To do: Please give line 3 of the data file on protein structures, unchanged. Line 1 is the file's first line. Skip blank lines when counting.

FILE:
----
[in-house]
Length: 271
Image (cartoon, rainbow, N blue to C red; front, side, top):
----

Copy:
Image (cartoon, rainbow, N blue to C red; front, side, top):